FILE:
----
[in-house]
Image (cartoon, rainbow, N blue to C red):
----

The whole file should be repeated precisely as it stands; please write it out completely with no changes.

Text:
[in-house]
Image (cartoon, rainbow, N blue to C red):